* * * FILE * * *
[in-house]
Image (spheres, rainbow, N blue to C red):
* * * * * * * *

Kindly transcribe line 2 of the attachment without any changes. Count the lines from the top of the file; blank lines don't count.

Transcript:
Image (spheres, rainbow, N blue to C red):